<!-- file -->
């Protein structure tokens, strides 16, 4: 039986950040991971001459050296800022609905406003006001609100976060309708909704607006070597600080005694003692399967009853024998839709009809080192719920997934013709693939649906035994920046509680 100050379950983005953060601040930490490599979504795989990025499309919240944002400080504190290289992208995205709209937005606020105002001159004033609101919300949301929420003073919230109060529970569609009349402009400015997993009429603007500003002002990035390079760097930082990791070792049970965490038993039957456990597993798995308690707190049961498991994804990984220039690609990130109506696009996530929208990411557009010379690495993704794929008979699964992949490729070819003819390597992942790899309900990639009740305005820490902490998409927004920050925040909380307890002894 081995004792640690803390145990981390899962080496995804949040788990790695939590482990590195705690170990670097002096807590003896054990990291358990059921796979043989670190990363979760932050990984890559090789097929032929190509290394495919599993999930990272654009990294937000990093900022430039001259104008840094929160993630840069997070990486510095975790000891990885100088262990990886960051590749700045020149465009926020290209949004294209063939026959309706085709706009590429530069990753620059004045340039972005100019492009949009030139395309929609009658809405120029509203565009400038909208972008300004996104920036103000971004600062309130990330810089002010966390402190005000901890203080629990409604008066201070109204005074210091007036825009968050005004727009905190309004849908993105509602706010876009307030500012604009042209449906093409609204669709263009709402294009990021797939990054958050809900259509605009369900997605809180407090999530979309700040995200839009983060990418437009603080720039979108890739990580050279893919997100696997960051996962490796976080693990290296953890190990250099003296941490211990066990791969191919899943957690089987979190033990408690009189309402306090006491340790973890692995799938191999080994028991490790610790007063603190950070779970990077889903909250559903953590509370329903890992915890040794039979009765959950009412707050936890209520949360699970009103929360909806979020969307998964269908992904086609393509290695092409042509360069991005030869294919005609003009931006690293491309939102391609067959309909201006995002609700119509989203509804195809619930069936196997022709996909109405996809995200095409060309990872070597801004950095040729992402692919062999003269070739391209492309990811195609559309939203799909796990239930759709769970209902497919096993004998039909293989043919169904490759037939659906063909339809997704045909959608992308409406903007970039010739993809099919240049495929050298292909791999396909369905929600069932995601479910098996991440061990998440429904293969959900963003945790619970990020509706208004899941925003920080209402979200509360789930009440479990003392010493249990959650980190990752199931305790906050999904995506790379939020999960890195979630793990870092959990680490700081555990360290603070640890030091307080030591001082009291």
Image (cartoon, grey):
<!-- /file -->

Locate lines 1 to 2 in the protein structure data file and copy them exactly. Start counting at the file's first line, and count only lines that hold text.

């Protein structure tokens, strides 16, 4: 039986950040991971001459050296800022609905406003006001609100976060309708909704607006070597600080005694003692399967009853024998839709009809080192719920997934013709693939649906035994920046509680 100050379950983005953060601040930490490599979504795989990025499309919240944002400080504190290289992208995205709209937005606020105002001159004033609101919300949301929420003073919230109060529970569609009349402009400015997993009429603007500003002002990035390079760097930082990791070792049970965490038993039957456990597993798995308690707190049961498991994804990984220039690609990130109506696009996530929208990411557009010379690495993704794929008979699964992949490729070819003819390597992942790899309900990639009740305005820490902490998409927004920050925040909380307890002894 081995004792640690803390145990981390899962080496995804949040788990790695939590482990590195705690170990670097002096807590003896054990990291358990059921796979043989670190990363979760932050990984890559090789097929032929190509290394495919599993999930990272654009990294937000990093900022430039001259104008840094929160993630840069997070990486510095975790000891990885100088262990990886960051590749700045020149465009926020290209949004294209063939026959309706085709706009590429530069990753620059004045340039972005100019492009949009030139395309929609009658809405120029509203565009400038909208972008300004996104920036103000971004600062309130990330810089002010966390402190005000901890203080629990409604008066201070109204005074210091007036825009968050005004727009905190309004849908993105509602706010876009307030500012604009042209449906093409609204669709263009709402294009990021797939990054958050809900259509605009369900997605809180407090999530979309700040995200839009983060990418437009603080720039979108890739990580050279893919997100696997960051996962490796976080693990290296953890190990250099003296941490211990066990791969191919899943957690089987979190033990408690009189309402306090006491340790973890692995799938191999080994028991490790610790007063603190950070779970990077889903909250559903953590509370329903890992915890040794039979009765959950009412707050936890209520949360699970009103929360909806979020969307998964269908992904086609393509290695092409042509360069991005030869294919005609003009931006690293491309939102391609067959309909201006995002609700119509989203509804195809619930069936196997022709996909109405996809995200095409060309990872070597801004950095040729992402692919062999003269070739391209492309990811195609559309939203799909796990239930759709769970209902497919096993004998039909293989043919169904490759037939659906063909339809997704045909959608992308409406903007970039010739993809099919240049495929050298292909791999396909369905929600069932995601479910098996991440061990998440429904293969959900963003945790619970990020509706208004899941925003920080209402979200509360789930009440479990003392010493249990959650980190990752199931305790906050999904995506790379939020999960890195979630793990870092959990680490700081555990360290603070640890030091307080030591001082009291």
Image (cartoon, grey):